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Health & Safety

Health and Safety

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About Health & Safety

Women have a set of specific concerns when it comes to health. More often than not, women make the majority of health care-related decisions regarding health issues for their families, are the primary caregivers, and spend more than their male counterparts on health (KFF 2009; Agency for 2004). While women, on average, are more likely than men to have health insurance, they are at special risk of a number of specific health conditions, such as depression and exposure to intimate partner violence. Low-income women and women of color are especially likely to experience poor health outcomes, with African American women, in particular, showing much higher rates of HIV/AIDS, heart disease, diabetes, and infants with low birth weight. These realities make consideration of woman-specific issues vitally important to policy decisions in the area of health.

IWPR’s research on women’s health and safety informs policy decisions by identifying gender and racial/ethnic disparities in health outcomes and access to health care services in addition to highlighting opportunities for improvement. IWPR’s reports and resources discuss a range of policy issues including access to paid sick days, the relationship between women’s health and socio-economic status, cost-benefit analyses of paid sick days provision, and rates of breastfeeding.

An IWPR fact sheet reported that 44 million workers in the United States lacked paid sick days in 2010, with 77 percent of food service workers lacking access. Preceding the passage of the first state-wide paid sick days legislation in the United States in Connecticut, IWPR estimated that Connecticut taxpayers would save $4.7 million annually in a cost-benefit analysis of universal paid sick days provision.

Recent reports on policy impacts on breastfeeding rates estimate that the breastfeeding protections in the 2010 Affordable Care Act will increase the national rate of breastfeeding through six months of age by four full percentage points, giving more women and their children the opportunity to draw from the health benefits associated with breastfeeding, such as protection from childhood leukemia, sudden infant death syndrome, and diabetes.

Resources

View our external resources page or multimedia page for more information on this topic.

Latest Reports from IWPR

Women and Paid Sick Days: Crucial for Family Well-Being
by Vicky Lovell, Ph.D. (January 2007)

#B254, Fact Sheet, 4 pages
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Women and Paid Sick Days: Crucial for Family Well-Being
by Vicky Lovell, Ph.D. (January 2007)

Balancing work with personal and family health-care concerns is a major stressor for many working women. Women continue to be overrepresented in part-time and low-wage positions, those least likely to offer employer benefits such as paid sick days. Nevertheless, working women remain our families’ primary caregivers. For too many women, being sick or having an ill family member presents an untenable choice: stay at work when you shouldn’t, or lose pay (and perhaps a job) by staying home.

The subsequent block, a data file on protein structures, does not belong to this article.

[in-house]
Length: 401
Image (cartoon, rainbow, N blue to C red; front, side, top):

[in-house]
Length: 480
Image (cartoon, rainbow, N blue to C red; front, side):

Keeping Moms on the Job: The Impacts of Health Insurance and Child Care on Job Retention and Mobility among Low-Income Mothers
by Sunhwa Lee, PhD (January 2007)

Since the 1996 welfare reform legislation, government support programs for low-income families have emphasized “work-first” strategies, viewing employment as the primary route to self-sufficiency. The employment situations of welfare leavers and other low-wage workers, however, show considerable instability. Most welfare leavers, for instance, find jobs, but many lose their jobs fairly quickly and experience a substantial period of unemployment before finding another job. While job changes can lead to improved earnings for some workers, this does not seem to be the case for most low-skilled workers or former welfare recipients. For these workers, job retention is crucial for accumulating work experience and improving earnings over time. Yet, for many low-wage workers or welfare leavers who are single mothers facing the dual responsibilities of work and family, sustaining employment and earning a living wage pose a tremendous challenge.

#C360, 81 pages
$15.00
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Valuing Good Health in San Francisco: The Costs and Benefits of a Proposed Paid Sick Days Policy
by Vicky Lovell, Ph.D. (June 2006)

Policy makers across the country are increasingly concerned about the adequacy of paid sick days policies. Time off with pay for workers who are sick or have other health problems could have significant benefits in terms of workers’ health outcomes, while keeping them from being fired when illness forces them to stay home from work. It would also allow them to take care of their families when needed and get preventive health care and reduce the spread of disease at work. And it offers substantial savings to employers by reducing turnover and minimizing absenteeism.

 
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Solving the Nursing Shortage Through Higher Wages
by Vicky Lovell (March 2006)

#C363a, Report, 38 pages
$10.00
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Paid Sick Days Improve Public Health by Reducing the Spread of Disease